Proof positive that modern Spanish filmmaking is now on a par with the Anglo-American mode of mass-market entertainment, The Impossible adapts the true story of a Spanish family that survived the 2004 tsunami that devastated Thailand into a disaster melodrama with an international cast meant for a world audience. Despite being only the second feature from Catalan helmer Juan Antonio Bayona after the well-regarded chiller The Orphanage (also scripted by writer Sergio Sánchez), The Impossible is also proof of what a filmmaker can lose when he trains his sights onto a wider audience. The new film is a supremely accomplished example of anonymous, purely functional storytelling aimed at extracting the maximum amount of emotional response from the biggest audience possible - in short, an efficient calling card for major studio work. Nothing wrong with that, but it's ultimately an annoyance: The Orphanage suggested there was something more at work in Mr. Bayona, and there are also moments in The Impossible hinting at an entirely different, more emotionally honest film that never really materializes.

     The Bennetts, a family of British expats in Japan holidaying in Thailand for Christmas, are here stand-ins for the real Belón Alvárez family, with mother María supervising Mr. Sánchez's script for accuracy. The director's reliance on the cast suggests an interest in getting at the vulnerability of human emotions when confronted with inimaginable disaster that the film's conventionally melodramatic narrative arc and syrupy orchestral score marking the big emotional moments never really do justice to. The narrative structuring doesn't really help either: after a first half following the travails of Maria (an impressive Naomi Watts) and the eldest son Lucas (a revelatory performance from Tom Holland) that piles on thickly if effectively the expansive, visual-effects melodrama, The Impossible shifts gears to father Henry (a typically understated Ewan McGregor) and the two youngest sons's parallel search for Maria and Lucas, in a more subdued storyline that, sadly, ends up being more signposted than truly explored. The cast perform with admirable restraint and earnestness, but their valiant efforts are unable to extricate The Impossible from the tropes of a standard disaster-movie melodrama done with proficiency but little personality.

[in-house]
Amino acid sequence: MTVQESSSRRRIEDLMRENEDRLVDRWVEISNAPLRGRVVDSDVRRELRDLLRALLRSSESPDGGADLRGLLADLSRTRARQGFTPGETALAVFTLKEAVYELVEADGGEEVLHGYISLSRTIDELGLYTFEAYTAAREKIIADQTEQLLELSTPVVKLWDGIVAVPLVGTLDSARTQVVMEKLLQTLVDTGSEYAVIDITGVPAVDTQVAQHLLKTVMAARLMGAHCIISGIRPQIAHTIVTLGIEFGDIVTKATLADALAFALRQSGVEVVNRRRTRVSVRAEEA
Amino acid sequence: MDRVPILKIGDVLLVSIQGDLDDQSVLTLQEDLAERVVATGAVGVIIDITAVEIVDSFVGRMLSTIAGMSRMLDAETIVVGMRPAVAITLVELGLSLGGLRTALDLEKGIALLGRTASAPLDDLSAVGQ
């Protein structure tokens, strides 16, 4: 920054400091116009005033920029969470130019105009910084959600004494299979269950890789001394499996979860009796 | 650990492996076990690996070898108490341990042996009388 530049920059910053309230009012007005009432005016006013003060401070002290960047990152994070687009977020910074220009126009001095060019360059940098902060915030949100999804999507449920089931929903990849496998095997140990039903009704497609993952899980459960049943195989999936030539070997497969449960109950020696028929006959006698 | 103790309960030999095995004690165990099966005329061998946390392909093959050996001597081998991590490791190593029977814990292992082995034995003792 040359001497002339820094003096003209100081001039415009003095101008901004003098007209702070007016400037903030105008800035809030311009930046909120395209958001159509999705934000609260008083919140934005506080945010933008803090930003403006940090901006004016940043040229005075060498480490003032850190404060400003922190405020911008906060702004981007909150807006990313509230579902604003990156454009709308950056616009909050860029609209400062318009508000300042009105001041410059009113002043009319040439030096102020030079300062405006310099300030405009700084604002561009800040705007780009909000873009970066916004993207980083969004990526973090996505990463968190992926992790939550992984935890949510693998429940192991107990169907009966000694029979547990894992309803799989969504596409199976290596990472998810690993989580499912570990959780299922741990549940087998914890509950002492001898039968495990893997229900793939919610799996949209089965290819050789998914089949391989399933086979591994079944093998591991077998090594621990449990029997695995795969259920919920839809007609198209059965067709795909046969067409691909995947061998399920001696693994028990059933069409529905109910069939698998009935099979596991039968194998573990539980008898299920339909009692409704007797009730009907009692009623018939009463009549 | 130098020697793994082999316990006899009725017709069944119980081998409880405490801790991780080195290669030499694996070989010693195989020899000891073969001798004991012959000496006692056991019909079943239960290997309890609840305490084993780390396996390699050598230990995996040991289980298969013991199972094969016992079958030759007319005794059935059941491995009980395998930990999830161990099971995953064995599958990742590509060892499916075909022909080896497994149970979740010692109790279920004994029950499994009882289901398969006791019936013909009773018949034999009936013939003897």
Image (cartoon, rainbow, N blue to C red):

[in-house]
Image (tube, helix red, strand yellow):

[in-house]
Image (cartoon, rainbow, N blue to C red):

Cast: Naomi Watts, Ewan McGregor, Tom Holland, Samuel Joslin, Oaklee Pendergast, Marta Etura, Sönke Möhring, Geraldine Chaplin

Director: J. A. Bayona
Screenplay: Sergio G. Sánchez, from a story by María Belón
Cinematography: Oscar Faura  (colour, widescreen)
Music: Fernando Velázquez
Designer: Eugenio Caballero
Costumes: Sparka Lee Hall, Anne Bingemann, María Reyes
Editors: Elena Ruíz, Bernat Vilaplana
Visual effects: Félix Bergés, Pau Costa
Make-up effects: David Martí, Montse Ribé
Producers: Belén Atienza, Alvaro Augustín, Enrique López-Lavigne, Ghislain Barrois (Apaches Entertainment and Telecinco Cinema in association with Canal Plus and La Trini)
Spain, 2012, 113 minutes

Screened: distributor advance press screening, Zon Lusomundo Alvaláxia 5 (Lisbon), January 17th 2013


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